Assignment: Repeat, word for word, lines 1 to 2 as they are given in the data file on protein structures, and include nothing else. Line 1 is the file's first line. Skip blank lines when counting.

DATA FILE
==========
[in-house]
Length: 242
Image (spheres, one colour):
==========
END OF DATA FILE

[in-house]
Length: 242